If we didn’t have such a huge appetite for the information, news outlets wouldn’t have the audience to which to report, and they would move on to other things. Add to the picture the 24-hour news cycle, and they have to talk about something. When there is nothing new to report, they still have to talk. Thus, every opinion available is heard, and analyzed, and then the cycle starts again. I would love to hear a major news outlet say simply, just once, “There’s nothing new to report on the recent __________. We will update you as new information becomes available.” I might stick with that outlet.

What Counts?

I recently read an essay that quoted Albert Einstein. The quote stated, “Not everything that counts can be counted, and not everything that can be counted counts.” This is from a man who is famous for his work where formulas are used and where things are always counted.

This bit of wisdom goes far beyond today’s empirical knowledge, and ability to calculate. It is uniquely human in understanding. It may be true that something as beautiful as a musical piece and be reduced to mathematical intervals that are predictable, but that does not mean we look at the formula instead of listening to the piece! The key is to know when to listen, and when to formulate.

How easily do we know what needs to be counted, and what counts? While a point can be made that a person was absent for the last five years, and that has been counted; but what counts is that they are present today. On the other hand, if they have been absent for five years, it may not count (as much) if they show up today. It would depend on who you ask. Preaching 50 sermons a year may be counted, but only those who heard something worthwhile can decide if that preaching counts.

Local Leaders

What’s the best thing about school board members, mayors, city councilmen/women, aldermen/women, county commissioners, and even state-level representatives? The answer is, they are usually accessible! Many of us have contacted our congressional representatives, only to receive a canned reply that says they really didn’t read our letter or hear our voice.

The more local the leader, the more likely we are to actually talk to them. The sheer volume of correspondence received on a daily basis in Washington D.C. makes it difficult to respond to each one, though this is not an excuse for not doing so. Once a person gets used to the the atmosphere in our nation’s capitol, I believe the less credibility those of us “back home” seem to have. After all, we simply do not understand how things are done at the national level.

It’s true, we do not. The reason is because we are used to working where things actually need to get done, at the level where our neighbors and friends feel the results of our decisions immediately. So, we are careful to make wise decisions and make policy accordingly, because we must be able to explain our reasons for doing so. Accountability is an important thing.

More Overalls

Another visit, and she said he could talk all day if I had time. I took some time, and it was worth it. He’s wearing overalls again today, as I believe he does every day.

Part of the acreage they own was bought from a St. Louis man who purchased the place strictly for hunting and fishing. He had gotten good use of it for several years for both purposes. One day he called the farmer and said, “If you want to buy my place, meet me at _____________ and bring me a check.” The farmer did, and then owned the place. I wish I had the creativity to make this up, but since I don’t, I had to get it straight from him.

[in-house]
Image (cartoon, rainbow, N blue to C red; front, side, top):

On the place, he kept a “jack” (male donkey) in the pasture. Donkeys are excellent to keep coyotes and stray dogs away from other livestock. Every time the farmer rattled the chain on the gate, no matter where the jack was, he would bray. (This probably meant he was going to to be fed.) But that was not all that happened. Every time the jack brayed, every male turkey in the area would gobble. He noticed this happened every single time.

Some hunters from Michigan came to the area to visit and hunt on a neighbor’s land, but they had not seen any turkeys. The farmer told them exactly what to do if they wanted to see some. He told them about the gate, the chain, the jack, and then told them to go toward the closest gobble they heard.

Just as prescribed, they rattled the gate chain, the jack brayed, the turkeys gobbled, and they were gone about 20 minutes, and came back with two gobblers.

What I love about this is the predictable nature of nearly everything they have done together over the last 67 years. She said, “We worked hard, but we’ve been blessed.” Without discounting God’s favor on them, I also believe the life they chose to live had a lot to do with the good things they have enjoyed.


Did I talk about overalls before? It’s not the overalls themselves, though they are extremely practical. It’s the people who wear them. Recently I visited a lady whose husband sat beside her hospital bed in his pair of well-worn overalls.

He talked of their years together of plowing with mules, growing sorghum, cutting wood for the neighbor when he was sick, and raising little lambs in an old car with the seats removed. All done no doubt in the stand-by wardrobe of that generation: overalls. With their many pockets, bib held up by the two straps, and long wearing toughness, they were a perfect fit for the hard-working people who wore them.

I have a couple pair. I do some farm-type work, cutting and splitting wood for the winter stove. Maybe someday I’ll even have a tractor! Yet, mostly I hope I can live up to the reputation of overalls. When I wear them, I have to do something constructive. I can’t just lounge around and do nothing. That wouldn’t do them justice. Maybe we all need a pair.